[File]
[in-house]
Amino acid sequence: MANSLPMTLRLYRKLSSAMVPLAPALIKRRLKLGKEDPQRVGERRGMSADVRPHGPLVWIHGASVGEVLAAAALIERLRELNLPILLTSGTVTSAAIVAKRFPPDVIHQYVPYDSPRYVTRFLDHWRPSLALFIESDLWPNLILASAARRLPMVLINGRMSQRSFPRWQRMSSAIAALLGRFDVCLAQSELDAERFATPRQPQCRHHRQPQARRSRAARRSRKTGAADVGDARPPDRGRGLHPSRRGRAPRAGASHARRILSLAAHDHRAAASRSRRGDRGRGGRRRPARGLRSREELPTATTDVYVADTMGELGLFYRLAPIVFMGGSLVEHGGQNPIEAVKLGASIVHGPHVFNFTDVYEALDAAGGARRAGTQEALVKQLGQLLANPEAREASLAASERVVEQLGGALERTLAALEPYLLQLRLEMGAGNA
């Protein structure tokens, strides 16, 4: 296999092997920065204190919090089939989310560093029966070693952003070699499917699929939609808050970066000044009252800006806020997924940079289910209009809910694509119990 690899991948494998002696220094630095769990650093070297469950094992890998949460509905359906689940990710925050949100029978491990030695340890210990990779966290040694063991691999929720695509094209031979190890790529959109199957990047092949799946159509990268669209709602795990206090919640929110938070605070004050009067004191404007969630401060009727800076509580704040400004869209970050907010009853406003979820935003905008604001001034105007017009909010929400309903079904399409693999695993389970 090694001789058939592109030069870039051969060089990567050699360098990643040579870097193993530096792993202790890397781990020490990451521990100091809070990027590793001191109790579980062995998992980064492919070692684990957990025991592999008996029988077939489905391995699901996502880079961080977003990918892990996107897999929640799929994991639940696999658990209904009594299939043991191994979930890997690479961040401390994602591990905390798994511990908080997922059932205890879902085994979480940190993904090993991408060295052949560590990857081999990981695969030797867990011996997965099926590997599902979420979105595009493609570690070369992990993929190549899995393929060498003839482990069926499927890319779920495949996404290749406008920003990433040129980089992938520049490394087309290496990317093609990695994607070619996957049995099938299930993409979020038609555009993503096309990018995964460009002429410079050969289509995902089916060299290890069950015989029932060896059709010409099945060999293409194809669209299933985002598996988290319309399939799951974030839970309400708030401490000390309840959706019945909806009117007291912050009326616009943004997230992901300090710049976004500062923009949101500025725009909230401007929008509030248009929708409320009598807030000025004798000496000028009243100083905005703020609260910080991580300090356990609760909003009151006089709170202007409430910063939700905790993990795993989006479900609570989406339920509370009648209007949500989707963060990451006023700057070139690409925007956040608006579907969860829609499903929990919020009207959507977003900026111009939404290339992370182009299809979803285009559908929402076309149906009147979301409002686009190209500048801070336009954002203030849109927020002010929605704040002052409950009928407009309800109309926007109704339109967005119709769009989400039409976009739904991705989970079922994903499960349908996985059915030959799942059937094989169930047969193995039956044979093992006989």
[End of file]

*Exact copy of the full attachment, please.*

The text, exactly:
[in-house]
Amino acid sequence: MANSLPMTLRLYRKLSSAMVPLAPALIKRRLKLGKEDPQRVGERRGMSADVRPHGPLVWIHGASVGEVLAAAALIERLRELNLPILLTSGTVTSAAIVAKRFPPDVIHQYVPYDSPRYVTRFLDHWRPSLALFIESDLWPNLILASAARRLPMVLINGRMSQRSFPRWQRMSSAIAALLGRFDVCLAQSELDAERFATPRQPQCRHHRQPQARRSRAARRSRKTGAADVGDARPPDRGRGLHPSRRGRAPRAGASHARRILSLAAHDHRAAASRSRRGDRGRGGRRRPARGLRSREELPTATTDVYVADTMGELGLFYRLAPIVFMGGSLVEHGGQNPIEAVKLGASIVHGPHVFNFTDVYEALDAAGGARRAGTQEALVKQLGQLLANPEAREASLAASERVVEQLGGALERTLAALEPYLLQLRLEMGAGNA
């Protein structure tokens, strides 16, 4: 296999092997920065204190919090089939989310560093029966070693952003070699499917699929939609808050970066000044009252800006806020997924940079289910209009809910694509119990 690899991948494998002696220094630095769990650093070297469950094992890998949460509905359906689940990710925050949100029978491990030695340890210990990779966290040694063991691999929720695509094209031979190890790529959109199957990047092949799946159509990268669209709602795990206090919640929110938070605070004050009067004191404007969630401060009727800076509580704040400004869209970050907010009853406003979820935003905008604001001034105007017009909010929400309903079904399409693999695993389970 090694001789058939592109030069870039051969060089990567050699360098990643040579870097193993530096792993202790890397781990020490990451521990100091809070990027590793001191109790579980062995998992980064492919070692684990957990025991592999008996029988077939489905391995699901996502880079961080977003990918892990996107897999929640799929994991639940696999658990209904009594299939043991191994979930890997690479961040401390994602591990905390798994511990908080997922059932205890879902085994979480940190993904090993991408060295052949560590990857081999990981695969030797867990011996997965099926590997599902979420979105595009493609570690070369992990993929190549899995393929060498003839482990069926499927890319779920495949996404290749406008920003990433040129980089992938520049490394087309290496990317093609990695994607070619996957049995099938299930993409979020038609555009993503096309990018995964460009002429410079050969289509995902089916060299290890069950015989029932060896059709010409099945060999293409194809669209299933985002598996988290319309399939799951974030839970309400708030401490000390309840959706019945909806009117007291912050009326616009943004997230992901300090710049976004500062923009949101500025725009909230401007929008509030248009929708409320009598807030000025004798000496000028009243100083905005703020609260910080991580300090356990609760909003009151006089709170202007409430910063939700905790993990795993989006479900609570989406339920509370009648209007949500989707963060990451006023700057070139690409925007956040608006579907969860829609499903929990919020009207959507977003900026111009939404290339992370182009299809979803285009559908929402076309149906009147979301409002686009190209500048801070336009954002203030849109927020002010929605704040002052409950009928407009309800109309926007109704339109967005119709769009989400039409976009739904991705989970079922994903499960349908996985059915030959799942059937094989169930047969193995039956044979093992006989």